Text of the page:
From Nurse Ratched in One Flew Over the Cuckoo’s Nest to George Wickham in Pride and Prejudice, here are five of the most annoyingly unpunished characters in all of literature. Can we petition to have Daisy Buchanan (The Great Gatsby) added to this list?
More amusement has been prompted by The History of Love author Nicole Krauss’s arguably over-the-top blurb for David Grossman’s To the End of the Land: “To read it is to have yourself taken apart, undone, touched at the place of your own essence; it is to be turned back, as if after a long absence, into a human being.” Following Guardian’s subsequent contest for who can write the most absurdly laudatory blurb for a Dan Brown novel, Laura Miller at Salon dissects why author endorsements are so unreliable.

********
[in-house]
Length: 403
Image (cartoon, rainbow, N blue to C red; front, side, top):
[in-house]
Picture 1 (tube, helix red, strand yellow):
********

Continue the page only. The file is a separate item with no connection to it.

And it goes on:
Recommended reading: Pankaj Mishra and Benjamin Moser debate the continued possibility and relevance of Ezra Pound‘s “Make it New” for The New York Times Books Bookends.
Science now confirms what’s long been suspected by people related to theater kids: “the quality of a performance does not drive the amount of applause an audience gives.”